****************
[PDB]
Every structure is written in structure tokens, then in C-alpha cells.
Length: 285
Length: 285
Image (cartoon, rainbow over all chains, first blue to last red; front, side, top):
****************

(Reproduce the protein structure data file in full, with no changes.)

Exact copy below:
[PDB]
Every structure is written in structure tokens, then in C-alpha cells.
Length: 285
Length: 285
Image (cartoon, rainbow over all chains, first blue to last red; front, side, top):